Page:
These Countries Have The Most Serial Killers. Here's Why

Humans are strange creatures for a whole host of reasons, and among the weirdest is the fascination with those who kill their fellow humans. According to the BBC, our fascination with killers is nothing new. When William Corder was executed for the 1828 murder of his lover, his misdeeds — and ultimate fate — weren't just fictionalized and presented to the public in plays and puppet shows, but parts of his body were on display, too. Thousands of people turned up to watch him die, and for weeks afterwards, a nearby London shop attracted customers by displaying a grisly piece of memorabilia: his ear and a piece of his scalp.

For as long as we've been trying to stop serial killers, we've been fascinated by what makes them tick. Those who interview them — like forensic psychiatrist Helen Morrison, who's interviewed more than 80 American serial killers — say they're invariably, bizarrely charming: "like a Cary Grant or a George Clooney." 

Still, it's a weird thing, and it turns out that even though the serial killer is a worldwide phenomenon, there's definitely countries that have given birth to way more than their fair share of these inexplicably fascinating criminals. In fact, there's two countries sitting way, way above the others... so let's talk about them, and why they're such ripe hunting grounds.

What countries are we talking about?

There's an old saying about things being as American as apple pie and baseball, and statistics suggest that serial killers could also be added to that list. When it comes to the countries with the most cases of these particular kinds of criminals, there's no other nation that even comes close.

According to World Atlas, almost 68 percent of the world's serial killers are found in the US. That's only part of the story though, so let's talk about actual numbers. They say that the number of serial killers in the United States is 3,204, and while that's obviously a lot, it seems like even more when it's compared to the country that comes in second. That's England, who's credited with just 166.

That's a huge jump, so let's just let that sink in for a minute. The numbers continue to drop off pretty quickly: South Africa is in third place with 117, Canada comes in fourth with 106, and by the time we get to fifth place, we're in double digits. Italy has just 97 (and Japan follows close behind with 96), but what the heck, America? That breaks down to 0.99 serial killers per 100,000 people, so clearly, there's something going on here.

Changing social factors and the golden age of serial killers

Ted Bundy, Charles Manson, Jeffrey Dahmer, Richard Ramirez (pictured)... their names are among the most well-known of America's serial killers, and they were all active during a period that's often called the "golden age of serial killers," which is generally between the early 1970s to the late 1990s. Discover Magazine says that in the 1980s alone, there were almost 770 serial killers at work across the US — and that's pretty shocking stuff. There's obviously no single — or simple — explanation for the surge in serial killers, so let's just pick somewhere to start: with social change.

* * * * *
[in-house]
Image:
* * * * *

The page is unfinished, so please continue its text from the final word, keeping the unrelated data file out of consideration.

James Alan Fox is a criminologist with Boston's Northeastern University, and he spoke to the BBC a little bit about what was going on in America to contribute to the rise in serial killers. Part of it, he says, was the fact that throughout the US and Canada, there was an overall uptick in all crimes. Plus, there were no large-scale databases like we have today, and the term "serial killer" was still pretty new and ill-defined. Coupled with the widespread and potentially deadly trend that was hitchhiking, and the result, Fox says, was essentially "an environment which was ideal for certain killers to prey on victims."

Fox also says that as society changed, hitchhiking became less common, and a major source of easy victims declined. Serial killers also started to decline, but it definitely wasn't the end of them.

Serial killers thrive in a 'society of strangers'

The presence of serial killers in a society doesn't just require the killer him- or herself, it also requires a particular set of circumstances that University of Alberta professor of sociology and criminology Kevin Haggerty argues (via the Centre for Crime and Justice Studies) have only appeared in modern times. One of his requirements for the birth — and success — of serial killers is one that should sound familiar in 21st century America: a "society of strangers."

Haggerty says that for centuries, people were born in, lived in, and died in the same area, surrounded by the same people that they'd known their entire lives. (And that's still the case in some countries.) More recently, the rise of city centers has caused a few things to happen, including the mass movement of people to urban areas, and the faceless anonymity that comes with being surrounded by hundreds upon hundreds of strangers on a daily basis.

Imagine, for a minute, the big cities of the US. New York City in particular lauds itself on the hustle and bustle of thinly veiled chaos, where literally millions of people shove their way past each other every day. Serial killers thrive on what Haggerty calls "routinized impersonal encounters," and the fact that these encounters happen all the time, every day, in cities — and towns, and villages — across the US make for prime hunting grounds where serial killers can pick and choose their victims.